All too often we hear complaints about how poorly students write, but it seems like part of the problem is that we are expecting to students to carry forward skills they learn in their freshman composition classes without giving them much of a chance to practice and develop over the course of a semester, and eventually their four years here, if all we do it assign a literature review paper in each class. We have to be honest with ourselves, students will not remember the feedback they get on their writing if they don't have to use until the next semester or the next research paper. Because of that I have taken up my fair share of writing instruction by requiring several different kinds of writing assignments in my classes from reflections, application assignments, and online discussions to today’s topic, the essay exam.
Learning to write and how to do so effectively is an important part of a college education. Writing assignments can be easily incorporated into upper level classes, but sometimes it can be a challenge to integrate writing in lower level courses. When I had the opportunity to teach intro, I wanted to try to incorporate low-stakes writing assignments to get the students feet wet and also get an idea of what my student’s writing abilities are. I tried to do this in a couple different ways.
When we first started brainstorming about our writing in the classroom series, my mind immediately jumped to the ‘writing workshop’ I hold twice per semester in my introductory psychology course. However, this writing workshop is quite similar to the exercise detailed by Karly in Monday’s post for this series. I agree that making a draft of their essay due for an in-class peer reviewed activity helps keep students accountable, develops editing skills, and allows students to learn from the positive and negative aspects of the other papers they review. I like to have students review multiple papers during one writing workshop so that they are exposed to a range of papers (in terms of quality) and so that students can see the edits or comments previous reviewers left. I encourage students to comment on or respond to remarks left by previous editors, because paying attention to editing style also helps students learn by example. My writing workshop also incorporates structured class discussion where we talk about beneficial and detrimental aspects of the papers students reviewed most recently. The discussion touches on micro-, meso-, and macro-level elements of the essay. At the end of each semester, students comment that the two writing workshops help them improve their essays dramatically, and I can attest to this as well as the average grade for essays in my class has increased since the introduction of the writing workshop. While I agree whole-heartedly with Karly about the benefits of using class time to help students become better writers and editors, I wanted to add something new to the series.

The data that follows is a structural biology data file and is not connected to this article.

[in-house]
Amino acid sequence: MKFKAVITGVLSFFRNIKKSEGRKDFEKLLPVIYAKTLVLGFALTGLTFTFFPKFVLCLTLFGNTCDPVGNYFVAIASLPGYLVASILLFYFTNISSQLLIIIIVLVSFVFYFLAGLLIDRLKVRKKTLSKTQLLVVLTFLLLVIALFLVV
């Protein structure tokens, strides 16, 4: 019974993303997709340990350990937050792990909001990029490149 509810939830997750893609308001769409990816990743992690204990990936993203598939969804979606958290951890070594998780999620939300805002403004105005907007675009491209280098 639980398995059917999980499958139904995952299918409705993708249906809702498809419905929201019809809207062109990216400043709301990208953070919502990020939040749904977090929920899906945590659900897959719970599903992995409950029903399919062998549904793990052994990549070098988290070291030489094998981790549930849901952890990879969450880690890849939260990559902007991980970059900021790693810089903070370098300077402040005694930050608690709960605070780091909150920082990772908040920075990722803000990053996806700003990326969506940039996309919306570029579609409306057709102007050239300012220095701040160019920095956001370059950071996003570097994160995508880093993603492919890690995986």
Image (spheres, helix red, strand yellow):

This week at TNP we are discussing writing in the classroom. To kick off our series, I am sharing how I use peer review activities to improve my students' writing.
No matter how many times we tell our students to review their writing assignments before turning them in, procrastination always seems to win out. At best, they may do a quick glance through the document to make sure there aren’t any glaring errors. At worst, they don’t even use Word or Google Doc’s basic editing software to catch spelling or grammar errors. To combat this, I use structured, in-class peer review activities to improve writing. Peer review activities improve students’ writing in a couple different ways.